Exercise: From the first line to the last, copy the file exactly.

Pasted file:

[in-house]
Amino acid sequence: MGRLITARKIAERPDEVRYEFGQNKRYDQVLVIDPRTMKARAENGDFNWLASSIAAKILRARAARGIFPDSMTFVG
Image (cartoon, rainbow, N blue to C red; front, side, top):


[in-house]
Amino acid sequence: MGRLITARKIAERPDEVRYEFGQNKRYDQVLVIDPRTMKARAENGDFNWLASSIAAKILRARAARGIFPDSMTFVG
Image (cartoon, rainbow, N blue to C red; front, side, top):